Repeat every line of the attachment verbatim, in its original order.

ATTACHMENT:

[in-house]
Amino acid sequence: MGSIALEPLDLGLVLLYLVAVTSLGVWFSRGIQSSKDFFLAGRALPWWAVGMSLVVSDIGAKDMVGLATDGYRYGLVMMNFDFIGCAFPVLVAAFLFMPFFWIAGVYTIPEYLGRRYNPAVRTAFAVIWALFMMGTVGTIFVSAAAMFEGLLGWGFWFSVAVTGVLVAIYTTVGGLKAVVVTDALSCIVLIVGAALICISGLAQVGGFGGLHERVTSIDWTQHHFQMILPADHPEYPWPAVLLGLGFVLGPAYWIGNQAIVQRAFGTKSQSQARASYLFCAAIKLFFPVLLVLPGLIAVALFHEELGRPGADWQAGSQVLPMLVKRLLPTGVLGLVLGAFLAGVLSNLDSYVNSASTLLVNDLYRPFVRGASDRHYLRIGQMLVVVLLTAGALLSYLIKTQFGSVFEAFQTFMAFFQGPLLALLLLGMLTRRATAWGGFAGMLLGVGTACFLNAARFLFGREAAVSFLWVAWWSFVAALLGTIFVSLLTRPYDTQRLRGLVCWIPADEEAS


[in-house]
Amino acid sequence: MGSIALEPLDLGLVLLYLVAVTSLGVWFSRGIQSSKDFFLAGRALPWWAVGMSLVVSDIGAKDMVGLATDGYRYGLVMMNFDFIGCAFPVLVAAFLFMPFFWIAGVYTIPEYLGRRYNPAVRTAFAVIWALFMMGTVGTIFVSAAAMFEGLLGWGFWFSVAVTGVLVAIYTTVGGLKAVVVTDALSCIVLIVGAALICISGLAQVGGFGGLHERVTSIDWTQHHFQMILPADHPEYPWPAVLLGLGFVLGPAYWIGNQAIVQRAFGTKSQSQARASYLFCAAIKLFFPVLLVLPGLIAVALFHEELGRPGADWQAGSQVLPMLVKRLLPTGVLGLVLGAFLAGVLSNLDSYVNSASTLLVNDLYRPFVRGASDRHYLRIGQMLVVVLLTAGALLSYLIKTQFGSVFEAFQTFMAFFQGPLLALLLLGMLTRRATAWGGFAGMLLGVGTACFLNAARFLFGREAAVSFLWVAWWSFVAALLGTIFVSLLTRPYDTQRLRGLVCWIPADEEAS